What is needed is a method of assessing and evaluating an optimal build plan for end products that will consume surplus/excess parts held in inventory with minimal additional purchase requirements.

SUMMARY OF THE INVENTION

An exemplary embodiment of the invention relates to a method, system, and storage medium for utilizing excess inventory of parts used in end products and having part numbers. The method comprises: determining a summary of at least one end product utilizing at least one excess part number, wherein the summary includes a total quantity of the at least one excess part number required to produce a respective end product; and based on a selection of at least one end product from the summary and at least one corresponding quantity, generating a report of end products that, for each quantity of end products, lists the dollar value of excess parts consumed to produce the quantity of end product; and the dollar value of additional parts to be purchased to produce the quantity of end product. The invention also includes a system and storage medium.

BRIEF DESCRIPTION OF THE DRAWINGS

FIG. 1 is a block diagram of an exemplary system for facilitating excess/surplus inventory utilization.

FIG. 2 is a flowchart of a process for assisting an inventory planner in determining an optimum build plan in an exemplary embodiment.

DETAILED DESCRIPTION OF THE INVENTION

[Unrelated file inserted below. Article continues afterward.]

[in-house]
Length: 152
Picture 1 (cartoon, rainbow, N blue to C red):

FIG. 1 is a block diagram of an exemplary system for facilitating excess/surplus inventory utilization and management. Excess parts files (also referred to herein as excess inventory files) 106 are provided by manufacturing/inventory personnel and contain lists of any excess/surplus parts along with the quantity in excess. For simplicity, the term excess/surplus will be referred to herein as ‘excess’ and will be understood to include both excess and surplus throughout this description. These files 106 are submitted to a Manufacturing Resource Planning (MRP) engine 102 that utilizes the inventory reduction tool 104 of the invention. BOM files in database 108 are accessed and any items therein that are listed in excess parts files 106 are tagged by inventory reduction tool 104 via a shell script. This mark up process allows tagged BOMs to be submitted as build candidates as described herein. Output of this process is submitted to reports database 110 for analysis and review by specified inventory specialists (also referred to herein as inventory planners).

A method for determining an optimal build plan is presented as described in FIG. 2. A plant or division provides one or more files 106 of excess part numbers with the quantity of excess inventory at step 202. These are usually parts that have inventory but either there is no demand at all (surplus), or there is no current demand for some time in the future (excess). Once the excess file(s) 106 has been received, it can be run into a process to determine which end products uses the most number of surplus/excess parts. For example, suppose an excess file contains 5,000 part numbers. The file is run through a bill of material mark up process that takes end items (component part numbers) and marks them up through the entire bill of material, flagging every part number in the surplus/excess file that is found in the BOM at step 204. This mark-up may be run in a program script marking each surplus part number individually and then keeps the top level (end product) for each surplus/excess part for the next step at step 206. The surplus/excess part numbers are consolidated with their associated end products and a summary of end products listing the total number of surplus/excess part numbers in descending order is provided at step 208. A sample summary is provided below.

End product 6 3000 part numbers
End product 3 2500 part numbers
End product 9 2300 part numbers
End product 7 1500 part numbers
End product 1  500 part numbers
End product 5  100 part numbers